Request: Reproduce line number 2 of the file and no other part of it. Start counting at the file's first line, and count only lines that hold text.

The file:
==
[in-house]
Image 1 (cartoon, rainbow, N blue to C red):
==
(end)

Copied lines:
Image 1 (cartoon, rainbow, N blue to C red):